Ergonomics are pretty well sorted too. Steering and seating position (even for taller drivers) is spot on, and instrument cluster readouts are elegant and easily legible.
At the back though, the Picanto is much smaller than a Myvi or even an Axia. The Picanto will seat four in decent comfort over short journeys, but a Myvi would be more comfortable for a longer balik-kampung trip.
The Picanto also offers an accomplished drivetrain. Under the hood lies a 86 PS / 120Nm 1.25-litre four-cylinder engine with variable valve timing that, despite its size, offers punchy performance and decent fuel economy.
The manual Picanto fuel economy ranges from 7.8 to 8.2-litres/100km, whereas the automatic variant will typically deliver 8.4 to 9.0-litres/100km with sensible driving in the real world. Fuel usage is comparable to a Myvi 1.3L.
This little engine likes to be revved and offers very decent torque down low in the rev range to get going in city traffic or uphill.
The engine’s powerband is linear and offers tractable power from just over 1,800 rpm all the way to 6,000 rpm – therefore, even if you are looking for some weekend driving excitement, the Picanto can deliver.
The conventional four-speed auto is smooth and refined; gear ratios are finely matched for city driving and spread out just enough that you can maintain the speed limit on the highway.
The slick-shifting five-speed manual on the other hand offers a more engaging drive as well as better fuel economy.
Downsides of the Kia Picanto TA
For one the Picanto’s fuel tank is quite small, with 35 litres from empty to brimmed, it only offers approximately 340 to 375 km of driving range between fuel stops.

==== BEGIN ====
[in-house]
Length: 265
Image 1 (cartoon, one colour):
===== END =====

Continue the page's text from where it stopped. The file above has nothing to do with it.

The boot, at 292 litres, is actually bigger than the second-generation Myvi's 208 litres (or Axia's 260 litres). However, the Myvi still beats the Picanto because of its wider and longer boot layout.
Several owners also note that the audio system in the Picanto could be better. Despite having six speakers (in the 1.2 AT variant) small speakers audio quality isn’t as good as one would expect, the cheaper manual variant that relies on just four speakers is even worse.
What to look out for when buying a Kia Picanto TA?
The checklist before purchasing a Picanto is not much different than buying any other A- or B-Segment car.
Pay close attention to the overall condition of the paint and view the car under good sunlight.
With any small car, signs of a prior collision are most easily detected through inconsistent panels gaps. It's normal for these gaps may narrow or widen from point to point, but check to see if it's the same on the other side of the car.
On the inside, the Picanto is pretty much fuss-free, however, do fiddle with the audio head unit, power windows and steering wheel-mounted controls to see If they work well.
The Picanto TA is installed with both an A/C and heater system, therefore twist the thermostat dial to ensure both cold and hot air is blown out of the vents.
Check to see if the A/C system has been serviced as required because A/C compressors are not cheap.